Post # 16
lulubelle2017 : he complained that his ex girlfriend used to do everything for the kids when he was trying to teach them to do things for themselves…. he told me NOT to do that…. but the kids will let apple cores and juice glasses sit around the house until we have fruit flies again. How do I not clean that up?? He’s told them I’m not their slave and they don’t see me that way, but they’re typical kids. Ask them to rinse a dish and they act like you’re a prison warden.
Post # 17
I think there are a couple of thing here. First yes, you used to be awful, I simply can’t come at adult having parents wait on them , so I don’t think saying you are good now compared to then cuts much ice.
But his attitude is a bit off too, at first he was grateful for anything , now he’s used to being looked after, you are not doing enough – I know that scenario !
The children are a whole thing in itself too. They are plenty old enough to be taught some manners and responsibility , trouble is, he presumably never has and you are not doing so either,in fact you are beginning to be treated as not very efficient houskeeper/ nanny .
You don’t seem concerned about being unemployed in your posts , only about being ‘lazy’ and/or about pleasing your Fiance . I think you might be on a slippery slope OP ………..
Post # 18
Someone said I’m blaming everyone else… and for the very clearly stated record I’m ABSOLUTELY blaming myself. The only reason I called out my fiance and his kids for not helping was because someone said they had to pick up the slack for what I’m not doing… which I wanted to point out is NOT the case at all. My fiance made spaghetti tonight and left a splattered mess all over the kitchen and had NO problem walking away from it because the kitchen and dishes are my job. I’m not delusional about this, just sad that no one thinks to help and its all being pushed on me…. that’s my issue. I’m being treated like I don’t do ANYTHING, because I’m not doing EVERYTHING.
Post # 19
The more he tells them to clean up after themselves, the better. It’s not fair for you to have to tell them those things when you are new in the house. He needs to be a good role model and clean up after himself, too.
I like Rachel Ray’s recipes:
I’m also really into crock pot recipes because they are easy. You can use Google for those.
Post # 20
elderbee : oh trust me I WANT a job, but he needs me to pick up and drop off the kids, so I’m looking at part time jobs but I’m afraid he’ll just get MORE mad because I’ll have even less time to do things. (And for the record I do odd jobs for his parents and do bring in money) 😝
Post # 21
I think these are issues that need to be discussed with Fiance so that they can be ironed out. You can tell him what you want from him (clean up after himself, make sure the kids clean up after themselves), and he can say what he expects from you.
As a couple, you should be able to talk about these things and work them out. It’s good you’re learning to cook and clean, but you also need to learn how to stand up for yourself.
Post # 22
kisses4levi : Your posts actually make me sad, you are really blaming yourself and giving yourself a hard time for not being what he deems perfect.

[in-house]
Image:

I study full time from home, so I do more of the housework than my Darling Husband. I expect that. But I also expect that he will do a reasonable job of cleaning up after himself. I’m happy to dust, to take care of laundry, and get dinner started each night, but I’m not a maid. He needs to put his clothes in the basket, and wipe up the bench if he spills something. If he urgently needs something washed, he can throw it in the machine and do it himself.
The fact that you don’t seem to want to be a housewife is concerning to me. I don’t see the part where YOU chose this lifestyle. I think you need to take a minute and work out what you want for your life, then have an honest conversation with your man. He can’t just decide that you’re on school drop off & pickup so you can’t work fulltime.
Post # 23
Since you asked specifically about quick re pies, here’s some ideas:
-get a crock pot. Throw ingredients in then go about your day.
-Cook bulk, freeze the leftovers. For example, make 2 lasagnes and save one for a later dinner.
Post # 24
Hmmm. I also have depression, lived with my family until quite late, and was never really independent. Then I met my now-DH and moved in with him. I did virtually nothing then, but have gradually started taking better care of the house, and doing some study and a little bit of from-home work. Darling Husband understood I was depressed and still wanted to be with me. The only time he would get angry was when I didn’t take care of myself (e.g. skipping doctor’s appointments, not collecting my medication). Now, he is grateful and impressed whenever I cook dinner for us (which is most days). I feel like your partner is comiing from a place of expectations and entitlement, not understanding and gratitude. Does he know you had depression? Maybe you should have an honest chat with him (say something like “I had/have depression, and I can improve, but a realistic idea of what I can achieve in the next few years is…”). Because you need to know whether he wants to be with YOU, specifically, with whatever shortcomings you have, or whether he wants to have a housewife who meets certain criteria. I’m sure there’s more to your relationship than what you’re written, but it almost sounds like he’s training you up… why did his attitude change so much over 5 months?
Post # 25